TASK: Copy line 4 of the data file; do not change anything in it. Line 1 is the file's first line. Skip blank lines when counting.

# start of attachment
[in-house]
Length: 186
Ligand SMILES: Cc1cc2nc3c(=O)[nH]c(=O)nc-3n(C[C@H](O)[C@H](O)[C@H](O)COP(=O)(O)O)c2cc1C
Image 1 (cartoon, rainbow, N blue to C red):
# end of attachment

Image 1 (cartoon, rainbow, N blue to C red):